The Principles of Uncertainty reminded me a lot of Humans of New York. For those who are not familiar, Humans of New York (HONY) is a project started by a guy named Brandon in 2010 in which he photographs people around New York City. Brandon asks the subjects of his pictures a few questions about their lives to use as the caption to the photo. Then, these pictures and captions are posted on HONY’s blog and Facebook page for the public to read. Originally, Brandon started HONY to “create an exhaustive list of New York City inhabitants,” but now he has travelled all over the world, documenting the human experience in various cities.
The reception of Humans of New York has been phenomenal; the blog allows readers around the world to catch a glimpse into a stranger’s life, if only for a moment. The caption that goes along with the picture is what tends to strike most people, and HONY runs the gamut when it comes to the diversity of human experiences. There is no shortage of sassy old women, truthful little kids, middle aged people struggling with financial or family issues, or immigrants admitting they appreciate America, but it is hard to succeed here. Humans of New York publishes every story whether they are entertaining, sad, or bitter—these stories and emotions are all part of being human which should be celebrated.
The Principles of Uncertainty reminded me of HONY because while the book is specific to Kalman’s worldview, she is a conscious observer of how other people have impacted herself, similar to Brandon’s story. In the chapter titled “Completely”, Kalman includes two photographs mirroring each other on each page, so the photograph is similar, but her captions may or may not be related. On pages 205-207, there is a woman who wears a black bow in her white hair, but each picture is of a different woman in a different context. The captions reads “in the Hermitage you would see this bow on this woman. Again. And again. And then have tea or vodka. You would be so grateful to follow her and see that bow” (205-207 Kalman). Kalman may not know the woman with the bow, but that woman reminded her of the Hermitage (an art museum in Russia) and that reminded her of another woman with a similar bow. She mentally makes all of these connections between total strangers regardless of whether they are significant or fleeting figures in her life. Kalman documents her encounters with all types of people, both living and dead, who have impacted her worldview in some way.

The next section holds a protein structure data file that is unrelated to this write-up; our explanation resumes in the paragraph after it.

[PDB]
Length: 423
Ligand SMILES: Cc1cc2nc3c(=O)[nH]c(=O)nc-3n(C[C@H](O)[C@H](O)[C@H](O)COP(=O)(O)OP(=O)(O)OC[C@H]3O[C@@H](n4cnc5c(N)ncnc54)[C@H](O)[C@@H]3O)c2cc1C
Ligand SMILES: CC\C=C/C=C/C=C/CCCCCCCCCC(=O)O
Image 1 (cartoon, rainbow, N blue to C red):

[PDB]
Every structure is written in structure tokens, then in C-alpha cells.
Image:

Therefore, while HONY takes portraits of people to create a comprehensive view of the human experience, Kalman does the inverse and produces pictures of other people to create her own worldview. But I think Kalman ties the two together well with this concept of uncertainty because really nothing is certain. With HONY, Brandon never knows what stories these people, who would otherwise be strangers, have to share. We cannot answer with absolute certainty many of the existential questions Kalman raises in her book. In humor, we never know if other people will laugh at our intended or unintended humor. Without knowing the outcome of humor or without knowing how our lives will turn out or who we will randomly meet someday, there is inherent risk in most life endeavors simply because the outcome could be horrendous.
On the flipside, Kalman knows there will never be concrete answers to “how are we all so brave as to take step after step? Day after day?” (42 Kalman). We will never be able to be truly certain about most things in life because we do not all live the same lives or meet the same people, making it extremely difficult (if not impossible) to fundamentally understand the human condition that applies to every person’s life. The point of HONY and Kalman’s book is to try to understand each other and ourselves a bit better so as to be a little more certain. Humor, HONY, and Kalman all urge us to ask ourselves hard questions about what it means to be human and if we actually understand each other or if we merely live in assumptions. All three urge us to not only yearn for certainty through empathy, but to also find the beauty in this uncertainty, recognizing that the possible answers to Kalman’s questions are limitless.